Roberts was killed in 1722, while battling the Royal Navy's HMS Swallow, after he was shot in the neck. He came to be known as "Black Bart," though this nickname is also associated with American outlaw Charles Earl Bowles.

7 Somali Pirates

Somali Pirates The Most Successful Real-Life Pirates People picture

The modern day pirates of Somalia have been making quite a name for themselves by wreaking havoc in the area of the Arabian Sea and Indian Ocean. They've managed to amass approximately $200 million in ransom since 2008. That's no chump change! What sets these pirates apart from their historical counterparts is the advancement in technology. It's hard to stand a chance against AK-47s and RPG rocket launchers.

8 Sir Francis Drake

Sir Francis Drake The Most Successful Real-Life Pirates People picture

Sir Francis Drake was not only famous for being the first Englishman to circumnavigate the world; he was also a politician, a slave dealer and a pirate, among other things. He acquired enough gold, silver and jewels during his raid on the Manila Galleon Cacafeugo that England was able to pay off all of its debts.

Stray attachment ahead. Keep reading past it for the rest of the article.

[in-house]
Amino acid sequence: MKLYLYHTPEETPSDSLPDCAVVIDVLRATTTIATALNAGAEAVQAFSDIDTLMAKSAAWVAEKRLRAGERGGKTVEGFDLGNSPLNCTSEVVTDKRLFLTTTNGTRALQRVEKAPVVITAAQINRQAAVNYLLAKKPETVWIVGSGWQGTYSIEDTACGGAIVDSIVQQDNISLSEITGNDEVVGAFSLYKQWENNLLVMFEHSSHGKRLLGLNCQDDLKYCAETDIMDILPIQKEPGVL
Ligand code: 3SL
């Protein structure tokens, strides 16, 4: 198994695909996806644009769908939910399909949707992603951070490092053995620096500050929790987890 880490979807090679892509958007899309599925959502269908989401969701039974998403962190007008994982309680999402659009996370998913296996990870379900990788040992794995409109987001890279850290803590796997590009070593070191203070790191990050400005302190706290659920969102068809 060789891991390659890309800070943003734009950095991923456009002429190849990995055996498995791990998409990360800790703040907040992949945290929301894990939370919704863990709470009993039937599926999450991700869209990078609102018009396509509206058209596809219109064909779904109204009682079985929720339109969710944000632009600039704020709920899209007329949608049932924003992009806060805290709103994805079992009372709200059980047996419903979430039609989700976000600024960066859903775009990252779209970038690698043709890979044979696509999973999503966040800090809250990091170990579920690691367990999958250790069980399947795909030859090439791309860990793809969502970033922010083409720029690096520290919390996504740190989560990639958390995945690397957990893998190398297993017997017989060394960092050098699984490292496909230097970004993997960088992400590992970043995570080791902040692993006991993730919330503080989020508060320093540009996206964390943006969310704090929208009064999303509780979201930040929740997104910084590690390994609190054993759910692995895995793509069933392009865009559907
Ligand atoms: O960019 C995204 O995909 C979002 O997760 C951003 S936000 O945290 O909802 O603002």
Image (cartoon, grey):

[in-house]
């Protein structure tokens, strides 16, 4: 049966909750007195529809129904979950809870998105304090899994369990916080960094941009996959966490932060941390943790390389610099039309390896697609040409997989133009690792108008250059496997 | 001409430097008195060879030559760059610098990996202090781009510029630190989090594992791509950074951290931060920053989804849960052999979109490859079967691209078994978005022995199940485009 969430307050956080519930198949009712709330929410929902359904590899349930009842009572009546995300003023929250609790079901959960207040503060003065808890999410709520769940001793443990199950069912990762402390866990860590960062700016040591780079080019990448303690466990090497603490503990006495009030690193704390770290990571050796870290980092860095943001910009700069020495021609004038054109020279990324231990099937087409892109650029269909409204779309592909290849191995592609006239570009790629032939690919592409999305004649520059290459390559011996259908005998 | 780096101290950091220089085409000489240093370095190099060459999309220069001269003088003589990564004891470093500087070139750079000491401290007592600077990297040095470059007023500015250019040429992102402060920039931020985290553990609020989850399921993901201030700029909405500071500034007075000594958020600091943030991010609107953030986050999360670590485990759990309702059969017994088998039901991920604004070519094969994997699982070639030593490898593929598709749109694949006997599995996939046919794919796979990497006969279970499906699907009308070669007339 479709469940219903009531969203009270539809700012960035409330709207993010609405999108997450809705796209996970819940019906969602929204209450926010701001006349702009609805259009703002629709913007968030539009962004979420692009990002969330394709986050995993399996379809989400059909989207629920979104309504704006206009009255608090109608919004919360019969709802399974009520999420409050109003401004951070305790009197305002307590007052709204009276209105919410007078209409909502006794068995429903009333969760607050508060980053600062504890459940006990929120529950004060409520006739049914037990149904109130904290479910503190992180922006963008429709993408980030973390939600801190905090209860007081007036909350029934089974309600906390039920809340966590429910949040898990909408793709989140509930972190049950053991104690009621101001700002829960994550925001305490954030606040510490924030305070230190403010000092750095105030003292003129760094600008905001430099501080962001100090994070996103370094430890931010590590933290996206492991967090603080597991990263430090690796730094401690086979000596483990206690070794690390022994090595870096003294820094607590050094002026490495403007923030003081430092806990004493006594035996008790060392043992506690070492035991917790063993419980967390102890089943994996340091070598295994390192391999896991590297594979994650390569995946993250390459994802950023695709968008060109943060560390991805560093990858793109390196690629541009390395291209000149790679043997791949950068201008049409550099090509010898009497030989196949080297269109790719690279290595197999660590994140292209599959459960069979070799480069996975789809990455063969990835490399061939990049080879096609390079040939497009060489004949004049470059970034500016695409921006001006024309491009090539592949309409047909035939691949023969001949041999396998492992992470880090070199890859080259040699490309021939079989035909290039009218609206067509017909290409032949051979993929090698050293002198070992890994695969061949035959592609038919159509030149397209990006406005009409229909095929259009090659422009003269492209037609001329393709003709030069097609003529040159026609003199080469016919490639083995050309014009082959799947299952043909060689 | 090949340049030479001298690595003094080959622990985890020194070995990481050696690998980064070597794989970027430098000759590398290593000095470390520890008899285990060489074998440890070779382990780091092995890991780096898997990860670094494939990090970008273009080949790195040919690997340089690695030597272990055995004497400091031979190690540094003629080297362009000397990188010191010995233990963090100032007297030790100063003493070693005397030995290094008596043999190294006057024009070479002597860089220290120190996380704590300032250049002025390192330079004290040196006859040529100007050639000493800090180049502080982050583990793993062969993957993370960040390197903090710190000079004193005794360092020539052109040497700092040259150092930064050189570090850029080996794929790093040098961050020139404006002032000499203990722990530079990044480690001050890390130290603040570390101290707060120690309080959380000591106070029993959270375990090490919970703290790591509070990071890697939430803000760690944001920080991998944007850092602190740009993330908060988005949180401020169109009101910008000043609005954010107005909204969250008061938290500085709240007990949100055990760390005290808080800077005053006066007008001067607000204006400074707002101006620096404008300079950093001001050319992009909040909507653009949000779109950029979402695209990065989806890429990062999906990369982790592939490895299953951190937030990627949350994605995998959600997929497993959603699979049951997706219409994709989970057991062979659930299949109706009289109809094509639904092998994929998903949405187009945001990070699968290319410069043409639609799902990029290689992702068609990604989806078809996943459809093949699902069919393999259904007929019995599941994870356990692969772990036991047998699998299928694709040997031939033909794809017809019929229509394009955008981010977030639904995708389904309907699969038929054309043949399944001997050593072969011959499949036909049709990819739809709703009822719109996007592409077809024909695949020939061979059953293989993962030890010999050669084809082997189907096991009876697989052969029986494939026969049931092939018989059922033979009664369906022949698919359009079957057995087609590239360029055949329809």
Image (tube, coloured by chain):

9 Charles Vane

Charles Vane The Most Successful Real-Life Pirates People picture

Charles Vane was a semi-successful pirate who befriended the villainous Blackbeard. During his pirating days, Vane raided ships along the eastern seaboard of Florida alongside Henry Jennings, another successful pirate. Vane's fame rose when he became captain and began taking over numerous ships and vessels. He was also known for torturing and murdering his captives.

10 Thomas Tew

Thomas Tew The Most Successful Real-Life Pirates People picture

Thomas Tew was a pirate who setup his pirating headquarters in Madagascar following the successful raid on an Indian ship. He later traveled to Rhode Island to live, but the allure of the open sea continued to call to him. Tew returned to the waters and was later mortally wounded during an attack on a ship belonging to the Great Mogul.